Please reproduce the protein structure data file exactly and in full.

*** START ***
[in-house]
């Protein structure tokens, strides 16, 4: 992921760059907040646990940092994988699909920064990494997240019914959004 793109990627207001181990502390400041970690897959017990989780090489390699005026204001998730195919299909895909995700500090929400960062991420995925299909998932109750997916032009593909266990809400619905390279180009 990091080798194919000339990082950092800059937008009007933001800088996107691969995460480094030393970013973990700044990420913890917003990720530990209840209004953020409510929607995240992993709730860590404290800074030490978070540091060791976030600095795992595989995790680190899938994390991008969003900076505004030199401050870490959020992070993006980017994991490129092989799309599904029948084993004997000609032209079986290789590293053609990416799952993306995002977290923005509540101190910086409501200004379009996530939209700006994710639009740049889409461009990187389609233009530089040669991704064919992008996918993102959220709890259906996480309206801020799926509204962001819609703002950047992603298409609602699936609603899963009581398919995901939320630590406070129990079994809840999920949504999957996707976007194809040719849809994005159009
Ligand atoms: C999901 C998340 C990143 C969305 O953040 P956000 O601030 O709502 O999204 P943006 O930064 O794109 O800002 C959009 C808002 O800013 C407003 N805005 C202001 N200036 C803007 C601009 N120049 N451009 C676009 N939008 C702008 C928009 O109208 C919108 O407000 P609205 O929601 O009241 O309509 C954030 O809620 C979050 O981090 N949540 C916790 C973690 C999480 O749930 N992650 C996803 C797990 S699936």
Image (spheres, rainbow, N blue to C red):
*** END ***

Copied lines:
[in-house]
């Protein structure tokens, strides 16, 4: 992921760059907040646990940092994988699909920064990494997240019914959004 793109990627207001181990502390400041970690897959017990989780090489390699005026204001998730195919299909895909995700500090929400960062991420995925299909998932109750997916032009593909266990809400619905390279180009 990091080798194919000339990082950092800059937008009007933001800088996107691969995460480094030393970013973990700044990420913890917003990720530990209840209004953020409510929607995240992993709730860590404290800074030490978070540091060791976030600095795992595989995790680190899938994390991008969003900076505004030199401050870490959020992070993006980017994991490129092989799309599904029948084993004997000609032209079986290789590293053609990416799952993306995002977290923005509540101190910086409501200004379009996530939209700006994710639009740049889409461009990187389609233009530089040669991704064919992008996918993102959220709890259906996480309206801020799926509204962001819609703002950047992603298409609602699936609603899963009581398919995901939320630590406070129990079994809840999920949504999957996707976007194809040719849809994005159009
Ligand atoms: C999901 C998340 C990143 C969305 O953040 P956000 O601030 O709502 O999204 P943006 O930064 O794109 O800002 C959009 C808002 O800013 C407003 N805005 C202001 N200036 C803007 C601009 N120049 N451009 C676009 N939008 C702008 C928009 O109208 C919108 O407000 P609205 O929601 O009241 O309509 C954030 O809620 C979050 O981090 N949540 C916790 C973690 C999480 O749930 N992650 C996803 C797990 S699936």
Image (spheres, rainbow, N blue to C red):